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ACEP: Health Reform for EDs, Too

John Commins, for HealthLeaders Media, April 15, 2009

Feeling neglected and marginalized in the debate over healthcare reform, nearly 400 emergency physicians from across the nation will head to Washington, DC, next week to make a case for improving patient access to emergency medical care and pushing Congress and the White House for a greater role in how healthcare is restructured.

"In all the discussions about healthcare reform, there has not been any discussion about emergency care. Not having a seat at the table is absolutely wrong," says Nick Jouriles, MD, an emergency physician at Akron (OH) General Medical Center and president of the American College of Emergency Physicians, which is hosting the April 19-22 meetings. "There has been absolutely no funding for emergency medicine. There has been no discussion about improving emergency care, or providing the resources that we need to provide the care that we've been providing."

Jouriles says the nation's emergency physicians treat 120 million people each year, yet account for only 3% of the cost of the $1.5 trillion spent on healthcare annually in the United States.

Emergency physicians are still stinging from a presidential snub last month when they weren't invited to a White House summit on healthcare. Jouriles says it is shortsighted and counterproductive for the people setting the debate over healthcare reform to exclude the physicians who are doing more than anyone else to hold together a crumbling healthcare infrastructure. Beyond providing healthcare to the estimated 47 million or so people in the United States who don't have health insurance, Jouriles says emergency physicians have become the de facto personal physicians of people with insurance but who can't access a primary care physician, including millions of Medicare and Medicaid patients.

"Most Americans have no access to care," Jouriles says. "No matter how we slice and dice the national need for healthcare, there is a certain amount of illness that we are going to have in this country and right now it's not being taken care of. Emergency care by default becomes the safety net for the entire infrastructure."

David H. Newman, MD, director of clinical research and an emergency physician at St. Luke's-Roosevelt Hospital Center in New York City, says the problems facing emergency departments are among the worst-kept secrets in healthcare.

"Everybody thinks these issues haven't been examined. But it's much worse. These issues have been examined and nobody cares," says Newman, author of Hippocrates' Shadow: Secrets from the House of Medicine—What Doctors Don't Know, Don't Tell You, and How Truth Can Repair the Patient-Doctor Breach.

"It's always a money thing. It's not about the greatest good for the greatest number. It's about whatever is going to get your biggest piece of the pie because that is what a hospital needs to survive," he says. "It doesn't make sense to fund your emergency department if you can do an outpatient plastic surgery procedure instead."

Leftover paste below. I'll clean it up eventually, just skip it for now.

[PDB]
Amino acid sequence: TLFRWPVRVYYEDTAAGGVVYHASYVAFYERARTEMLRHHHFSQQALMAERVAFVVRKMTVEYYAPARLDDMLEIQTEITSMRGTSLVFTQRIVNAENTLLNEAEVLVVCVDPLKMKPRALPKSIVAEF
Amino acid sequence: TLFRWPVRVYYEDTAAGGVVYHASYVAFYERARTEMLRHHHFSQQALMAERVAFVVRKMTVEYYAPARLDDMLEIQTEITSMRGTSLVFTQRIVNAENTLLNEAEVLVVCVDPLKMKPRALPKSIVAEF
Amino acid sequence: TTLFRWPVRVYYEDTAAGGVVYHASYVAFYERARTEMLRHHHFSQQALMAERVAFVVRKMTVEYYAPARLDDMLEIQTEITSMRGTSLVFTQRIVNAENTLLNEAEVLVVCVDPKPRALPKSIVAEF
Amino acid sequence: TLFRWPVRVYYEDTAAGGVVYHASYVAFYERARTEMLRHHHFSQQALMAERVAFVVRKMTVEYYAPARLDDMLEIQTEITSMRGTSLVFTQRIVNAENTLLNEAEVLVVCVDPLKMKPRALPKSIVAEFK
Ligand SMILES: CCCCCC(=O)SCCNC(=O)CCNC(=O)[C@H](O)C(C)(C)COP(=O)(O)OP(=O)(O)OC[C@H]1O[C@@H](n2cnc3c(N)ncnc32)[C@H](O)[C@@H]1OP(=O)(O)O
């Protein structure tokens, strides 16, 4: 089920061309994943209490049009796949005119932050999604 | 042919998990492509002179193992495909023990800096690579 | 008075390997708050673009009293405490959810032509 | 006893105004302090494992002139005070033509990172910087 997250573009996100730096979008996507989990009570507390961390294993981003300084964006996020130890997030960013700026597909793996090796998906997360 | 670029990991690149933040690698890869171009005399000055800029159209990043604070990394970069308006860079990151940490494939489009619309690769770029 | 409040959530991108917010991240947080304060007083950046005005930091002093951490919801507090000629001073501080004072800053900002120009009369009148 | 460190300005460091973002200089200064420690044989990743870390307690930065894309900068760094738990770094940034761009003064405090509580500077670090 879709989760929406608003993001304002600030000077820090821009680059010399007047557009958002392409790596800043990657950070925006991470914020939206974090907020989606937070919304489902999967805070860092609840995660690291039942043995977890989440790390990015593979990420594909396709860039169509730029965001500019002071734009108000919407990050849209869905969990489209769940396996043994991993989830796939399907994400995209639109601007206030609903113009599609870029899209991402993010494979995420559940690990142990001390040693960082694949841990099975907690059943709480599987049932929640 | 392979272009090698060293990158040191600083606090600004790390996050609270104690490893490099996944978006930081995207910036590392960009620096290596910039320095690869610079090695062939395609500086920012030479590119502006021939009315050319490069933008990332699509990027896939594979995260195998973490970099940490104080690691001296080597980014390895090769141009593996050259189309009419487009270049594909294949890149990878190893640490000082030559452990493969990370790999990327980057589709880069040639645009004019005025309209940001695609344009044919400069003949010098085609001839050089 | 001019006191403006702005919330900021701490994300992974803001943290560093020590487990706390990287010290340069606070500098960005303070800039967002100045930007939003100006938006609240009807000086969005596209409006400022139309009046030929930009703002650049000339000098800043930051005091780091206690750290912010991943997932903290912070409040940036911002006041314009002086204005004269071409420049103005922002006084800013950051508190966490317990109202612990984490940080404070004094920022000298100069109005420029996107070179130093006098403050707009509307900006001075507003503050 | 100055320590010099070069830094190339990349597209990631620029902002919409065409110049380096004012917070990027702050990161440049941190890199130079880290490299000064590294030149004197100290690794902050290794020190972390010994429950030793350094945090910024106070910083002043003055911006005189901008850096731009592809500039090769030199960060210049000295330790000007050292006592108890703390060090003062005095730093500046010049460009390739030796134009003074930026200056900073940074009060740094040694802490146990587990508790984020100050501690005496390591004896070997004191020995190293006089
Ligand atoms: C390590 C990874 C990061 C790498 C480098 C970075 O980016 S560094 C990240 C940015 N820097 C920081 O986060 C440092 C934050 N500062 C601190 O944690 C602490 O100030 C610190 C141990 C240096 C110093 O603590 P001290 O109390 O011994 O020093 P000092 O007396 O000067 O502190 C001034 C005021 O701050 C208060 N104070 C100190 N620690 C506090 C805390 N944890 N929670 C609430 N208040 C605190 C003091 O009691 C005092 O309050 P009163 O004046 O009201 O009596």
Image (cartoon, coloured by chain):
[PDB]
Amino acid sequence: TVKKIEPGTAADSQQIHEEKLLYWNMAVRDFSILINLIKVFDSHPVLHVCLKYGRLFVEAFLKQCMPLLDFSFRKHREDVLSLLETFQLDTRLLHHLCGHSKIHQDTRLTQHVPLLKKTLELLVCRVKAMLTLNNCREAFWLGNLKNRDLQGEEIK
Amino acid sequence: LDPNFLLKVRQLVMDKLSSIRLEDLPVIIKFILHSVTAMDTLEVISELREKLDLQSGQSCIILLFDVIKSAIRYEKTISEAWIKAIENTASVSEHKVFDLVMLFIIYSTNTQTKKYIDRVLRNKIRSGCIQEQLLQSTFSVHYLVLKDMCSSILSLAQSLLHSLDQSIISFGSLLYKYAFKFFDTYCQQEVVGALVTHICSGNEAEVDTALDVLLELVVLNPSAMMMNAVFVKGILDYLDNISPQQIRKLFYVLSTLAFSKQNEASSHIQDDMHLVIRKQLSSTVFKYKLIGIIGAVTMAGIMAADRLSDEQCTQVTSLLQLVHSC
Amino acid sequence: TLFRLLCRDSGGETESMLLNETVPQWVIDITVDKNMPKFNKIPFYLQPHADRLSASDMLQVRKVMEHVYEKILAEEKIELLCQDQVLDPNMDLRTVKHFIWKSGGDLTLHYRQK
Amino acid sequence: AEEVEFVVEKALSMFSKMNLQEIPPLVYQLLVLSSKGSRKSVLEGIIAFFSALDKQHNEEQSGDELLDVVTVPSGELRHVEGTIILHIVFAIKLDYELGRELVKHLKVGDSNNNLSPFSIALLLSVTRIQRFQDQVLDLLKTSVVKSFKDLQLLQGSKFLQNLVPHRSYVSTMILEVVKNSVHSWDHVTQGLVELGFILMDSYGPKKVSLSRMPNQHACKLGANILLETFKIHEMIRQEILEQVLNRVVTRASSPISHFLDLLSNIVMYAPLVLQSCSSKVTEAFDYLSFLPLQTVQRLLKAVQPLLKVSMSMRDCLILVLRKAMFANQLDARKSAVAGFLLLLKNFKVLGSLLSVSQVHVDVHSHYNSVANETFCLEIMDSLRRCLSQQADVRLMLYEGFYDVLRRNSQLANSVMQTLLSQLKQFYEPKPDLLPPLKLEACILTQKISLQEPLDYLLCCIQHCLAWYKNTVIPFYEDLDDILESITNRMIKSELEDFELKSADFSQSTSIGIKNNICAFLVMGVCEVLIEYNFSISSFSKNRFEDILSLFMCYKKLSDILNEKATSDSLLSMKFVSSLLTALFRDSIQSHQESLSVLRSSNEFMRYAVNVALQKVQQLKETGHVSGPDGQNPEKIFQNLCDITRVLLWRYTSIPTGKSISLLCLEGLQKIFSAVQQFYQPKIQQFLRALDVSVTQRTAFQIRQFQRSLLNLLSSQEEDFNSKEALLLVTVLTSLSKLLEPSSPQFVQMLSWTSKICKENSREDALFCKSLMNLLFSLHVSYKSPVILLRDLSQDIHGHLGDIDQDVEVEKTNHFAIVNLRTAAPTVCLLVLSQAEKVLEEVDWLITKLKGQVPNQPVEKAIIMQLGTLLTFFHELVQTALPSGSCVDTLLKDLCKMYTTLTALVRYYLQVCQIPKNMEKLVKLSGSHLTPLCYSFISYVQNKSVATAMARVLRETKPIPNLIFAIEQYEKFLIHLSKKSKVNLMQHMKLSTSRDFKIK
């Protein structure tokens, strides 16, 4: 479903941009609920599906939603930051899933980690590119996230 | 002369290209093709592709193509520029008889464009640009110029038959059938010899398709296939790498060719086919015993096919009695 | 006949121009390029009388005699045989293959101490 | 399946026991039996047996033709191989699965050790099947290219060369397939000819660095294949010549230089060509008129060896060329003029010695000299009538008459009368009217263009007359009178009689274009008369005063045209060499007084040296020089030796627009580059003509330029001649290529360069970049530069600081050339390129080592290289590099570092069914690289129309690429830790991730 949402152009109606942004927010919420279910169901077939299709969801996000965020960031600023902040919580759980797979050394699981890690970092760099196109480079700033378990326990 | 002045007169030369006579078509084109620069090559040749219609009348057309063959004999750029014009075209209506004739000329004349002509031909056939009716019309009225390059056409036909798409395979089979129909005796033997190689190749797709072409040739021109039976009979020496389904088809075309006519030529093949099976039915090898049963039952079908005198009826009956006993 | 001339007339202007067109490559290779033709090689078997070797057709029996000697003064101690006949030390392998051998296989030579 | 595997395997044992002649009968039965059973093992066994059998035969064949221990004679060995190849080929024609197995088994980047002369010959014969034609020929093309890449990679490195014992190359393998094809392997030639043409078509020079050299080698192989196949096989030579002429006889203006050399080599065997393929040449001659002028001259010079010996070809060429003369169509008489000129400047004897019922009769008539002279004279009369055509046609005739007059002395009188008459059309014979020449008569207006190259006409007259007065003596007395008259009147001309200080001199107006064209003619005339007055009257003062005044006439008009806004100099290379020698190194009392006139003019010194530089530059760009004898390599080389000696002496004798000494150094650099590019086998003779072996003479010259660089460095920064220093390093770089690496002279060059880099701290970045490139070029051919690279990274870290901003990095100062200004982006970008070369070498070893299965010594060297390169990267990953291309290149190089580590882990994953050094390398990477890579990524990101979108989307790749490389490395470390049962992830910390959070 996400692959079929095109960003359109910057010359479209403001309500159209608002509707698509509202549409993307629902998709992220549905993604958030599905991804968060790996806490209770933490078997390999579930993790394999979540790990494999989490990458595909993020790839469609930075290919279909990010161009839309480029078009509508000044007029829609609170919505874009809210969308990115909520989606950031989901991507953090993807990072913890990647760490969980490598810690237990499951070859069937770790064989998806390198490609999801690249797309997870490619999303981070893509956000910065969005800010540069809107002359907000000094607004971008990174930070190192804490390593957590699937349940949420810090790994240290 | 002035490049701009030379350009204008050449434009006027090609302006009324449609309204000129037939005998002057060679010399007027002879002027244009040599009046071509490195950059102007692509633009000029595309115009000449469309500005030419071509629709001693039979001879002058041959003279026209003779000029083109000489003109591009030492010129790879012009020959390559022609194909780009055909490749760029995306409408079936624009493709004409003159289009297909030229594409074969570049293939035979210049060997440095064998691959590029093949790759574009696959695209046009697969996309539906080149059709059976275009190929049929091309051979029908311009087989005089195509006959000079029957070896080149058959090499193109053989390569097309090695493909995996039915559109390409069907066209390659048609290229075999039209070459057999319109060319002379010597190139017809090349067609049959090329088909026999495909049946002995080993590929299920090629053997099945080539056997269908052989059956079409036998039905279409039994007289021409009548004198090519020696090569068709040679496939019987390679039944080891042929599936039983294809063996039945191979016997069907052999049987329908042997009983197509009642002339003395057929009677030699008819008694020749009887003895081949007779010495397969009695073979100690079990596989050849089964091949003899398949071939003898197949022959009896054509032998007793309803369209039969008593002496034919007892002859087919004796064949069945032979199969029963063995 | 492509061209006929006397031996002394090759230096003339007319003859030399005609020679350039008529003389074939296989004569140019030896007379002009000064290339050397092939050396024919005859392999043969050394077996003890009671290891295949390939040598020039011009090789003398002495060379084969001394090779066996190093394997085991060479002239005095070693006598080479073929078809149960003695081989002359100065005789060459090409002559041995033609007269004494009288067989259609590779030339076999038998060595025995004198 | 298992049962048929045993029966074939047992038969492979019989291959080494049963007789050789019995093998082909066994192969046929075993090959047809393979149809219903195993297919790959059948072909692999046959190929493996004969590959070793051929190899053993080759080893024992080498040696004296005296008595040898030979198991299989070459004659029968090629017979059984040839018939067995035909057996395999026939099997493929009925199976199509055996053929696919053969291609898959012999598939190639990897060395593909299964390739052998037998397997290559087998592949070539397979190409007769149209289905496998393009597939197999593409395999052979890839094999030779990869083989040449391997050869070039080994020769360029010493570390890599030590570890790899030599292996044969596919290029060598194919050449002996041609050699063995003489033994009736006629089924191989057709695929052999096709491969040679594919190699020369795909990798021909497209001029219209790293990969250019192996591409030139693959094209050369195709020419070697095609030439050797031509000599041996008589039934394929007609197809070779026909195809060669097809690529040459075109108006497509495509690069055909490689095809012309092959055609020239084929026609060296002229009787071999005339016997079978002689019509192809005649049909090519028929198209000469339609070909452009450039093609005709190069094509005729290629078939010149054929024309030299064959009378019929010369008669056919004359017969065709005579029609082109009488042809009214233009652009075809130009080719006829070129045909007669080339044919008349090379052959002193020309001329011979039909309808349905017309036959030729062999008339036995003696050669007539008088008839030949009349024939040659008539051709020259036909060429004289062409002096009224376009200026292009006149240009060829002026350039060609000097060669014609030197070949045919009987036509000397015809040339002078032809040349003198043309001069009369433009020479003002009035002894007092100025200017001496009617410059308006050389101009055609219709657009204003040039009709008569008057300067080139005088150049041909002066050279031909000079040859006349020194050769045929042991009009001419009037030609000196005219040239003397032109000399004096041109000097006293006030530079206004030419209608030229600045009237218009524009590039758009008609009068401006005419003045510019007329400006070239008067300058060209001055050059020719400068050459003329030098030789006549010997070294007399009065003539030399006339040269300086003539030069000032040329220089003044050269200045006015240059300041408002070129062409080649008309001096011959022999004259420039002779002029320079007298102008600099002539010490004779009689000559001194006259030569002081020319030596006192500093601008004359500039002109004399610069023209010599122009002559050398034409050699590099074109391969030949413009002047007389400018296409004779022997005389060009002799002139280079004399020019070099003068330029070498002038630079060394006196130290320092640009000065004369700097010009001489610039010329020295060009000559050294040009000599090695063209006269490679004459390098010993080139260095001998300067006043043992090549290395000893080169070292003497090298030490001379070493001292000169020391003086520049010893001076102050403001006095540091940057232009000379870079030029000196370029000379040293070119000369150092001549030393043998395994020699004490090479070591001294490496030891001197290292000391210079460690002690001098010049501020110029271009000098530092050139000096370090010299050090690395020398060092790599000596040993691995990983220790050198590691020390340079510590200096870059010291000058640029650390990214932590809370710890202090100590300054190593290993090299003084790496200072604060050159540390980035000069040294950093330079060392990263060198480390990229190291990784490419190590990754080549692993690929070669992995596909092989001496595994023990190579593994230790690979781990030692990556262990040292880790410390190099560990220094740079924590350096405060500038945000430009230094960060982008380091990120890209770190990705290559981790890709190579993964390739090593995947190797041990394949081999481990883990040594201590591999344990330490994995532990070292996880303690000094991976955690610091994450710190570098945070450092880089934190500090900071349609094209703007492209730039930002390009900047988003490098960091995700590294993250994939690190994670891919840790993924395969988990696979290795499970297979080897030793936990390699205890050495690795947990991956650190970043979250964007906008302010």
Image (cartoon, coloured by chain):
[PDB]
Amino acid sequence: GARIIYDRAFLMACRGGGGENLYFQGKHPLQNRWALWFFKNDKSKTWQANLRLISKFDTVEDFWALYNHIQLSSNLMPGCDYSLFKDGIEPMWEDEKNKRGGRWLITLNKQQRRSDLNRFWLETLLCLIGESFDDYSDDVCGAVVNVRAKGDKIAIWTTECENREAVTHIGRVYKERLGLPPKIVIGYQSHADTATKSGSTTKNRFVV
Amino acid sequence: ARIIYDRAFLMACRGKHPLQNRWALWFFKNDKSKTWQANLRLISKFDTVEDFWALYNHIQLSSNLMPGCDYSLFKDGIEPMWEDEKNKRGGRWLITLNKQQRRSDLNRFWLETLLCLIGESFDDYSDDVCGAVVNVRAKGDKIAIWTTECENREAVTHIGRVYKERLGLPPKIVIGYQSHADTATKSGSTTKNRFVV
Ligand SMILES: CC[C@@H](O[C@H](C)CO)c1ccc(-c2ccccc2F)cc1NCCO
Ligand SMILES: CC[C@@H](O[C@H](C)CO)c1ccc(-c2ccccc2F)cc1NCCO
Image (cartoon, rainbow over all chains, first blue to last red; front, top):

Lynn Massingale, MD, a board-certified emergency physician and the executive chairman of Knoxville, TN-base TeamHealth physician staffing service, says the nation doesn't have the primary care infrastructure in place to support universal healthcare. "Nobody talks about that," he says. "There is not primary care capacity for 47 million uninsured people in the United States. Even if you fund healthcare, who's going to take care of them? And it's going to take a long time for that capacity to materialize."

In addition to the 47 million or so uninsured, Massingale says there are another 25 million people who are underinsured with lousy coverage or too-high deductibles and another 10 million or 11 million illegal immigrants. "Nobody has said anything about coverage for those folks and nobody will," Massingale says.

Newman says emergency department volumes have increased dramatically over the last 20 years as the rest of the healthcare infrastructure has crumbled. "It's not a coincidence," he says. "It's like the financial crisis. There is money to be made here and people are willing to play the Russian roulette game of not funding their emergency department, because they are willing to lay their bets, 30-to-1, that they aren't the ones who are going to wind up there."

A key item on the agenda of next week's 2009 Leadership and Advocacy Conference of the ACEP will be the effort to push Congress to enact the Access to Emergency Medical Services Act (S468), which would strengthen access to emergency care.

Massingale says emergency physicians need to rally around the bill. "That bill primarily would provide for some additional payments for both emergency physicians and more importantly, for the specialists who take call in the emergency departments," he says. "One of the biggest problems we have in the emergency department now is getting physicians on the medical staff to take call at the hospital. We have to have a mechanism to try to entice them to want to take call for the emergency room. This specifically calls for increased funding for all those people who take call in the emergency department. It's not just about getting emergency doctors paid to offset their losses on the uninsured."


John Commins is a senior editor with HealthLeaders Media.

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